L-Carnitine Background and Benefits
Carnitine is an ammonium compound that is synthesized from the amino acids methionine and lysine, primarily in the liver and kidneys. Plant and animal cells use it to transport fatty acids into the mitochondria to metabolize fats. Carnitine was discovered as a growth factor in mealworms and originally named vitamin BT, although it is not actually a vitamin. Carnitine has two forms, d-carnitine and l-carnitine, but only l-carnitine is biologically active.
Red meat is the most common dietary source of l-carnitine, although it is also present in many vegetables. Seeds such as pumpkin, sesame and sunflower are sources of l-carnitine, as are legumes like beans, lentils, peanuts and peas. Leafy green vegetables such as broccoli, collard greens, kale, okra and parsley also contain l-carnitine. Additional sources of l-carnitine include cereals like corn, oatmeal, rice bran, artichokes, asparagus and wheat germ.
L-carnitine is a popular nutritional supplement that is commonly used by people with naturally low l-carnitine levels. This condition often occurs in strict vegetarians and premature infants. Low l-carnitine levels can also result from a variety of genetic disorders that interfere with its biosynthesis. In addition, L-carnitine supplements are helpful for people taking certain drugs or undergoing hemodialysis.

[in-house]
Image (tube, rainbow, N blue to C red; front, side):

Uses of L-Carnitine
L-carnitine may be helpful for relieving muscle discomfort, especially strains caused by exercise. L-carnitine is also commonly used for supporting healthy levels of thyroid hormones.
L-carnitine may be used to help maintain healthy levels of thyroid hormones and help support the healthy functioning of the thyroid gland.
Oral supplements of l-carnitine may improve discomfort tolerance among people who experience muscle pain as a result of exercise. L-carnitine supplements are often combined with standard treatments for some types of muscle discomfort.
Healthy kidney function
L-carnitine may help support healthy kidney function.
L-carnitine may also help support healthy bone function, especially among the elderly.
Signs You May Need L-Carnitine
L-carnitine may benefit you if you have a carnitine deficiency, which is generally the result of a dietary deficiency or inability to absorb this nutrient from food. Common causes of a carnitine deficiency include a genetic disorders that affect the liver and kidneys.
L-carnitine supplements may also help you if you have deficiencies of other nutrients that are required for the biosynthesis of l-carnitine, including iron, lysine, methionine, niacin, vitamin B1, vitamin B6 and vitamin C.
Synonyms and Similar Forms of L-Carnitine
Acetyl-L-carnitine, L carnitine